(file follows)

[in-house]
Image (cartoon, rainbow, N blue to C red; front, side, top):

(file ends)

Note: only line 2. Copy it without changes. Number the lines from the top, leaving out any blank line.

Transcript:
Image (cartoon, rainbow, N blue to C red; front, side, top):